7. 7. The Experimental Method 3 Learning Objectives: Explain what is meant by the terms; standardised procedures and randomisation. Outline the advantages and disadvantages of the experimental method. An experiment must be carefully organised. A set order must apply to all participants; this is known as a standardised procedure and makes the experiment unbiased. Define the following key terms; Counterbalancing Random allocation The instructions given for an experiment might affect how participants perform. How could we ensure that this is not an extraneous variable? Briefing Standardised instructions Debriefing 7
  8. 8. Define the following key terms; Randomisation Give an example of how randomisation might be used… Decide on the standardised procedures for your music experiment. What instructions will you give participants? Write them here TRY THIS! TRY THIS! 8
  9. 9. advantages disadvantages THE EXPERIMENTAL METHOD TRY THIS! Exam style question 1. Describe how an experimenter could use counterbalancing in a study where participants are timed sorting cards a) In front of an audience – condition A b) In the absence of an audience – condition B (3 marks) 9
  10. 10. Sampling Learning Objectives: Understand the different methods of sampling Outline the advantages and limitations of the different sampling methods. When doing an experiment it is impossible to test everyone, instead research is carried out on small groups of people. Define the following key terms; Sample Target population Representative Generalised Describe how each of the different sampling methods is used and try to think of one advantage and one disadvantage of each. TRY THIS! Random Advantage Limitation 10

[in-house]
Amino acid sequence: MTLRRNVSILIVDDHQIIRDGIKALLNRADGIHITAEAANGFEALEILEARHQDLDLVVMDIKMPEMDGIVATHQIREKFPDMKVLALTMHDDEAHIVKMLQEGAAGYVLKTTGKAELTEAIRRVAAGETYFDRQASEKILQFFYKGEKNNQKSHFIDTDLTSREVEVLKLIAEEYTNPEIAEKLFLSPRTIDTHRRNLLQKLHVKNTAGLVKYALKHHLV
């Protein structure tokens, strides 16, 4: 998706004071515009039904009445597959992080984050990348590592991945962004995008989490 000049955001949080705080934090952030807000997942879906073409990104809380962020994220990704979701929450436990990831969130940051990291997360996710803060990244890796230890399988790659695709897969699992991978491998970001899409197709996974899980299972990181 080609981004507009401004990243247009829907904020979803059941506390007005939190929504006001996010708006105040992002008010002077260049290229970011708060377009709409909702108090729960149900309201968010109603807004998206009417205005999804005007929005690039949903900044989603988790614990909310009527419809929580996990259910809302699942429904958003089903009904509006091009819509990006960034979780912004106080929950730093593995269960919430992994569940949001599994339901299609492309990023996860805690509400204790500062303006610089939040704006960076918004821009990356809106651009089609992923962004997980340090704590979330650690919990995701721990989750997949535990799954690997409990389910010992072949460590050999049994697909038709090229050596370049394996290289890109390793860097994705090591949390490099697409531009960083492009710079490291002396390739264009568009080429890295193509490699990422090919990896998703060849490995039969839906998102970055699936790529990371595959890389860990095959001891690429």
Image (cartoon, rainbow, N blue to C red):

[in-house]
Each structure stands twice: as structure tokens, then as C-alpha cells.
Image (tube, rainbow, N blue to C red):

11. 11. Opportunity Advantage Limitation Advantage Limitation Advantage Limitation Systematic Stratified Using Sampling Techniques 1. The target population for a research study was y10 students at Oakmeeds. How would you achieve a random sample of 30 students? TRY THIS! 2. A researcher put a poster up in a hospital for participants for his study on work/life balance. What sampling method is being used? 11
  12. 12. Answer the following questions about your music experiment. TRY THIS! Who is your target population? How many participants will you use? Which sampling method will you use? Why have you chosen this method? Describe how you will collect your sample. 12
  13. 13. Dealing with data Learning Objectives: Use descriptive statistics to analyse the data collected by an investigation (mean, median, mode, and range) Recognise anomalous results. Present data graphically The data that is provided by experiments is known as raw data until it has been analysed or summarised. Researchers tend to look for patterns in data across the group rather than individual results and so it is best to summarise the data by calculating averages and the range Define the following key terms; Mean Mode Median Calculate the mean, median and mode for the following: TRY THIS! Data from a primary class spelling test 1,2,3,7,10,20,30,43,47,48,50 Mean = Median= Mode= Number of words recalled out of 10 in a free recall task 1,1,5,2,3,7,6,5,2,1,8,7,9,5,4,3,2,5 Mean= Median= Mode= 13
  14. 14. What’s so good (and bad) about central tendency? Measure Advantage Disadvantage Mean Median Mode Define the following key term; Range Range Work out the range for the following data: TRY THIS! 5,4,1,2,1,2,3,4,5,6,8,7,2 Range – What does the range tell you? 14
  15. 15. TRY THIS! Anomalous results What is meant by an anomalous result? Write down an example set of data which contains an anomalous result. Displaying data Identify the type of graphs illustrated below. Outline why the graph has been chosen taking into consideration the data illustrated TRY THIS! 60 55 50 45 40 35 30 25 20 15 10 5 30 25 20 15 10 5 0 Time in minutes Students Ratings of Courses 8 6 4 2 Ar t Po l it ic s H is to ry La w 0 En gl is h Rating out of 10 10 Ps yc ho lo gy So ci ol og y Rating out of 10 Time Psychology students take travelling to college 15